From Wikipedia, the free encyclopedia
  (Redirected from M-cresol)
Jump to: navigation, search
3D model of m-cresol
IUPAC name
Other names
m-Cresylic acid
108-39-4 YesY
ChemSpider 21105871 N
DrugBank DB01776 N
ECHA InfoCard 100.003.253
EC Number 203-39-4
Jmol 3D model Interactive image
RTECS number GO6125000
Molar mass 108.14 g/mol
Appearance colorless liquid to yellowish liquid
Density 1.034 g/cm3, liquid at 20 °C
Melting point 11 °C (52 °F; 284 K)
Boiling point 202.8 °C (397.0 °F; 475.9 K)
2.35 g/100 ml at 20 °C
5.8 g/100 ml at 100 °C
Solubility in ethanol fully miscible
Solubility in diethyl ether fully miscible
Vapor pressure 0.14 mmHg (20°C)[1]
Viscosity 184.23 cP at 20 °C
Main hazards May cause serious burns. Very destructive of mucous membranes. Harmful if inhaled. Toxic in contact with the skin or if swallowed.
Safety data sheet External MSDS
R-phrases R20 R24 R25 R34
S-phrases S36 S37 S39 S45
NFPA 704
Flammability code 2: Must be moderately heated or exposed to relatively high ambient temperature before ignition can occur. Flash point between 38 and 93 °C (100 and 200 °F). E.g., diesel fuel Health code 3: Short exposure could cause serious temporary or residual injury. E.g., chlorine gas Reactivity code 0: Normally stable, even under fire exposure conditions, and is not reactive with water. E.g., liquid nitrogen Special hazards (white): no codeNFPA 704 four-colored diamond
Flash point 86 °C
Explosive limits 1.1%-? (149°C)[1]
Lethal dose or concentration (LD, LC):
242 mg/kg (oral, rat, 1969)
2020 mg/kg (oral, rat, 1944)
828 mg/kg (oral, mouse)[2]
US health exposure limits (NIOSH):
PEL (Permissible)
TWA 5 ppm (22 mg/m3) [skin][1]
REL (Recommended)
TWA 2.3 ppm (10 mg/m3)[1]
IDLH (Immediate danger)
250 ppm[1]
Related compounds
Related phenols
o-cresol, p-cresol, phenol
Except where otherwise noted, data are given for materials in their standard state (at 25 °C [77 °F], 100 kPa).
N verify (what is YesYN ?)
Infobox references

meta-Cresol, also 3-methylphenol, is an organic compound with the formula CH3C6H4(OH). It is a colourless, viscous liquid that is an intermediate in the production of other chemicals. It is a derivative of phenol, an isomer of p-cresol and o-cresol.[3]


Together with many other compounds, m-cresol is traditionally extracted from coal tar, the volatile materials obtained in the production of coke from (bituminous) coal. This residue contains a few percent by weight of phenol and isomeric cresols. In the cymene-cresol process, phenol is alkylated with propylene to give isomers of cymene, which can be oxidatively dealkylated (Hock rearrangement) analogous to the cumene process.[3][3]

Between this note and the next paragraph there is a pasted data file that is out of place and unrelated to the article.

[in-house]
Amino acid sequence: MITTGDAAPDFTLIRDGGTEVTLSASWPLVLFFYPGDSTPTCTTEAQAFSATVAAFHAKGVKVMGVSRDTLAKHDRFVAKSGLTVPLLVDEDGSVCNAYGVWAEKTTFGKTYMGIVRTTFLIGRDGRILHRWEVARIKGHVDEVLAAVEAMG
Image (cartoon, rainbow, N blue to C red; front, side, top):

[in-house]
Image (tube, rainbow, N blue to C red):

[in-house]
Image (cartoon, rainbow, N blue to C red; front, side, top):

m-Cresol is a precursor to the commercially important pesticides fenitrothion and fenthion. Methylation gives 2,3,6-trimethyphenol, a precursor to synthetic vitamin E.[3] it is a precursor to the antiseptic amylmetacresol.

It has been used as a solvent for dissolving polymers, e.g., polyaniline. When polyaniline is cast from a solution of m-cresol or a polyaniline film is exposed to m-cresol vapor, the conductivity is higher than a polyaniline film cast without the presence of m-cresol due to a phenomenon known as secondary doping.[4]

m-Cresol is also used as a preservative in some insulins.

Natural occurrences[edit]

m-Cresol is a component found in temporal glands secretions during musth in male African elephants (Loxodonta africana).[5]

See also[edit]


  1. ^ a b c d e "NIOSH Pocket Guide to Chemical Hazards #0155". National Institute for Occupational Safety and Health (NIOSH). 
  2. ^ "Cresol (o, m, p isomers)". Immediately Dangerous to Life and Health. National Institute for Occupational Safety and Health (NIOSH). 
  3. ^ a b c d Helmut Fiegein "Cresols and Xylenols" in Ullmann's Encyclopedia of Industrial Chemistry" 2007; Wiley-VCH, Weinheim. doi:10.1002/14356007.a08_025
  4. ^ Alan G. MacDiarmid and Arthur J. Epstein. 1995. "Secondary Doping in Polyaniline" Synthetic Metals 69 (85-92).
  5. ^ Some chemical constituents of the secretion from the temporal gland of the African elephant (Loxodonta africana). Jack Adams, Alexander Garcia and Christopher S. Foote, Journal Of Chemical Ecology, 1978, Volume 4, Number 1, 17-25, doi:10.1007/BF00988256

External links[edit]